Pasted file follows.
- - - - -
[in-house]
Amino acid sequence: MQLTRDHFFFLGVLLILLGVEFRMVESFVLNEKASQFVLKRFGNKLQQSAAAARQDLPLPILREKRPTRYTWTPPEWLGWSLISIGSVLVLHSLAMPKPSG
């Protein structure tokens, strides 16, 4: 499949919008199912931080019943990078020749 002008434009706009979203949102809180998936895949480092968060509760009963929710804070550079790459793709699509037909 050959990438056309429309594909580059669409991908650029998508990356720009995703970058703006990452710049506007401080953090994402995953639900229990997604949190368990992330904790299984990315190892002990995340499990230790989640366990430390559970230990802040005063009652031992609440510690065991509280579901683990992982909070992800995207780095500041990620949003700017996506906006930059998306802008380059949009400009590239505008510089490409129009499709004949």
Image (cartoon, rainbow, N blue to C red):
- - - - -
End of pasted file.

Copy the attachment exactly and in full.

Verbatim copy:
[in-house]
Amino acid sequence: MQLTRDHFFFLGVLLILLGVEFRMVESFVLNEKASQFVLKRFGNKLQQSAAAARQDLPLPILREKRPTRYTWTPPEWLGWSLISIGSVLVLHSLAMPKPSG
């Protein structure tokens, strides 16, 4: 499949919008199912931080019943990078020749 002008434009706009979203949102809180998936895949480092968060509760009963929710804070550079790459793709699509037909 050959990438056309429309594909580059669409991908650029998508990356720009995703970058703006990452710049506007401080953090994402995953639900229990997604949190368990992330904790299984990315190892002990995340499990230790989640366990430390559970230990802040005063009652031992609440510690065991509280579901683990992982909070992800995207780095500041990620949003700017996506906006930059998306802008380059949009400009590239505008510089490409129009499709004949």
Image (cartoon, rainbow, N blue to C red):